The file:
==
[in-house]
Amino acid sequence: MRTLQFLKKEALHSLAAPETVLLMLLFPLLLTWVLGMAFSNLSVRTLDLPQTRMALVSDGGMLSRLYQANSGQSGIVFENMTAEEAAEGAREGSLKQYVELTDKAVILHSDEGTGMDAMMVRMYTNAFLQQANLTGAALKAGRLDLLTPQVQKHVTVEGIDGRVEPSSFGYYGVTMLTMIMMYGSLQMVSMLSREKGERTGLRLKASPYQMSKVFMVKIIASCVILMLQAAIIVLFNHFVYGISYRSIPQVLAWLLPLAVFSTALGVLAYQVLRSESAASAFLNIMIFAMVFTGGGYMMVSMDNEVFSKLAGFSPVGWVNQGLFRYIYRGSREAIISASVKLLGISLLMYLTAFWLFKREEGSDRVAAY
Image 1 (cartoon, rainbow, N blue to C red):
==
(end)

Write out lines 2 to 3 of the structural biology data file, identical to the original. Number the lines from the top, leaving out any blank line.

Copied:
Amino acid sequence: MRTLQFLKKEALHSLAAPETVLLMLLFPLLLTWVLGMAFSNLSVRTLDLPQTRMALVSDGGMLSRLYQANSGQSGIVFENMTAEEAAEGAREGSLKQYVELTDKAVILHSDEGTGMDAMMVRMYTNAFLQQANLTGAALKAGRLDLLTPQVQKHVTVEGIDGRVEPSSFGYYGVTMLTMIMMYGSLQMVSMLSREKGERTGLRLKASPYQMSKVFMVKIIASCVILMLQAAIIVLFNHFVYGISYRSIPQVLAWLLPLAVFSTALGVLAYQVLRSESAASAFLNIMIFAMVFTGGGYMMVSMDNEVFSKLAGFSPVGWVNQGLFRYIYRGSREAIISASVKLLGISLLMYLTAFWLFKREEGSDRVAAY
Image 1 (cartoon, rainbow, N blue to C red):